We anticipated that some respondents would be ineligible for the study. Therefore, we used a 4-question online survey to ensure that respondents were female Korean American college students (aged 18-26 years) from the northeastern United States who had not yet been vaccinated against HPV. Eligible participants received a link to our mHealth and Web-based study platform where we collected data, disseminated the intervention, performed randomization, and accommodated mobile devices and Web services.
At the end of the baseline survey, participants were randomly assigned to either the experimental group (a storytelling video intervention) or the comparison group (a nonnarrative, written statement about HPV and HPV vaccine) using the randomizer tool in Qualtrics survey software that offers the mobile and Web-based platform, until each group contained 60 participants.
Furthermore, 2 months after the intervention, participants received a follow-up survey via email with a passcode. In total, two reminders about the follow-up survey were sent via email. Each individual received a US $20 electronic gift (e-gift) card at the end of the postintervention survey and was entered into a drawing for an e-gift card at the end of the follow-up survey.
The feasibility and validity of mHealth and Web-based research procedures were measured as follows: (1) recruitment rate was measured for the percentage of participants who signed the informed consent forms out of the total number of eligible participants, (2) eligibility rate was measured by dividing the number of total entries in the eligibility screening survey by the number of individuals who met the inclusion criteria, (3) randomization was measured by whether we were able to randomize eligible participants evenly, and (4) retention rate was measured by the 2-month follow-up participation. In addition, we identified the recruitment source by asking how participants had heard of the study.
shows the flow of participants throughout the pilot RCT.
Between September 2016 and October 2016, the recruitment target of 60 participants in each group was achieved. Out of 225 potentially eligible participants, 204 individuals responded to how they heard about the study. The most commonly reported recruitment methods were through friends 46.1% (94/204) and social media 33.8% (68/204). The recruitment rate was 95.6% (111/122).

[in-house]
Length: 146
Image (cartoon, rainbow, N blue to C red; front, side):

The eligibility rate was 54.2% (122/225) after excluding ineligible participants (n=60), multiple attempts at entries (n=6), and questionable entries (n=37;).
Randomization between groups was effectively demonstrated through the Qualtrics software. However, after ineligible and incomplete cases were excluded, an uneven number of participants remained in each group: 56 in the experimental group and 55 in the comparison group.
In total, 83.7% (87/104) of participants participated in the 2-month follow-up study: 45 in the intervention group and 42 in the comparison group.
This study assessed the feasibility of using an mHealth and Web-based HPV intervention experimental study with young Korean Americans to inform a future RCT. Overall, these findings demonstrate that the mHealth and Web-based experimental study is feasible if software protection and a systemic approach to eligibility screening are used. This study demonstrated a high recruitment rate (95.6%, 111/122) and a moderate eligibility rate (54.2%, 122/225). Although our eligibility rate was moderate because of restrictive inclusion criteria, we believe that our recruitment strategies filled the gaps of previous studies’ concerns in recruiting Korean Americans [, ] by achieving the target sample size in 2 months of recruitment activities. Our approach suggests a way to overcome this challenge. Randomization was evenly distributed between the groups, although ineligible and incomplete cases led to an uneven number of participants in each group in the dataset. In this study, the retention rate was high (83.7%, 87/104) at the 2-month follow-up. In future RCT research, encouraging reminders are recommended as a method to improve HPV vaccine participation and compliance and increase engagement, minimize attrition, and maximize retention.
Challenges and Lessons Learned From the Data Validation Process